The complex included two shuls, with surrounding houses for use as batei medrash and a talmid Torah, another four or five houses to provide housing for talmidei chachamim, and a large house for hachnosas orchim. In addition, there was a mikveh and a large paved courtyard. The Churvah served as the major spiritual center of the Ashkenazic community, which had 2,000 members at the time, and eventually became the most important shul in Eretz Yisrael, housing the famous Eitz Chaim yeshiva and the Ashkenazi beis din of Yerushalayim.

Nine months after the shul’s completion, a steamboat dropped anchor outside the port of Yaffo. On board was a magnificent, 25-foot high aron kodesh of the shul of Niloliav, Russia. The aron was rowed ashore and hauled up to Yerushalayim by fifteen camels.

An enthusiastic article in the HaMaggid newspaper exulted that this was a fulfillment of Chazal‘s statement that, at the end of days, the shuls of the Diaspora will be established in Eretz Yisroel, and “this Ark was the beginning of this!”

AN END AND A BEGINNING

After just over one hundred years, the Churvah regained its name, having been turned, once again, into a ruin. This was in 5708/1948, after the defenders of the Old City used the massive building as their last refuge against the Jordanian army, led by Major Abdullah Tell, with crowds of refugee Jews cowering in its cellars. To pierce the shul’s thick walls, Arab commander Fawzi Al- Kutub ran to the shul with four men, carrying 200 liters of explosives tied to a ladder. He then lit the explosive’s fuse with a cigarette, fled for cover, and the charge went off with a mighty roar, blowing a gaping hole
in the ramparts. A legionnaire raced up to the dome and unfurled a Jordanian flag.

Two day later, the Jordanians blew the shul to rubble with dynamite. This was only one of the fifty-seven Old City shuls that the Jordanians desecrated and ravaged, and one of the twelve that they razed to the ground. As the Jordanian commander reportedly declared, “For the first time in 1,000 years, there’s not a single Jew left in the Jewish Quarter, and not a single building that hasn’t been damaged. This will make the return of Jews here impossible.”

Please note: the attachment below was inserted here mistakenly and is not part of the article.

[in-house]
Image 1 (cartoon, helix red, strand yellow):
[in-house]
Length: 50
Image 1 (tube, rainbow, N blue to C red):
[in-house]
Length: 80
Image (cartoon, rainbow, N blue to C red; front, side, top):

NEW HOPE

Why has the Churvah remained a churvah?

After the Jews recaptured the Old City, in 5727/1967, various plans were made to restore its glory. For example, the world-renowned architect, Louis Kahn, submitted three different designs to rebuild the Churvah as a gigantic, modernistic building that would have competed in scale and prominence with the Dome of the Rock. Part of his plan was to incorporate a footpath from his space-age Churvah to the Kosel, in order to symbolize the fusion of the old and the new. However, municipal authorities were not as futuristically minded as Kahn, and his ideas only produced dispute and delay.

Meanwhile, in 5738/1978, two architects designed the shul’s famous arch, which represents one of the four arches that supported the original dome. For almost three decades, this arch, which soared up to only half the original 150-foot height of the original Churvah, stood as a silent symbol of the Old City’s yearning for redemption.

In 5763/2003, archaeologists digging two meters below the Churvah’s floor discovered ruins and artifacts dating back to the time of the first Beis HaMikdash.

Now it seems that the Churvah will be a ruin no more. In 5765/2005, the Israeli government rejected the earlier plans to completely, or partially modernize the Churvah, and gave the architect, Nachum Meltzer, a go-ahead to proceed with his plan to reconstruct it exactly as it was built in the past.

Meltzer explained that, because the Churvah was the first domed shul built in Eretz Yisrael and had served as the classical inspiration for such synagogues ever since, it was fitting to restore this historical building to its former glory, using its original design.

This attempt to salvage the past is projected to take four years at the cost of about 28 million shekels. After its completion, Jews will still be able to daven at the Kosel (or, hopefully, in the Beis HaMikdash), then take the new elevator (another city plan still on the drawing boards) up to the Old City, and continue their prayers in the old-new Churvah shul.